Perils of Daylight Hunting

When you see a barred owl hunting in daylight, you can bet that it is in serious need of a meal. They will not expose themselves to the harassment that drove Ward into the nest box today if they are able to meet their needs at night. Because owls depend on their hearing as much as their vision to locate their prey, the high winds and snow we are now experiencing make life especially difficult for Ward.  The new OwlCam camera caught him today as he sat in the nest box with bright sunlight streaming through the door onto his face. I had been hearing the crows and smaller birds fussing for several hours before they drove him into the nest.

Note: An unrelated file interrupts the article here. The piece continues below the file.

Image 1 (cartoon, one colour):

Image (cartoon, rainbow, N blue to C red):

After listening to the angry birds swarm around the nest for about ten minutes, Ward climbed up the new owlet ladder (seen on his right in the upper picture) and leaped down to the owl rail. He then snapped at the few remaining birds for a couple of minutes before flying away to resume his hunting. After his experience on the 17th, I suspect that he will eat his next catch before it has a chance to freeze. The wooden appendage that can be seen on the far side of the nest box is the new equipment room for the second OwlCam camera.

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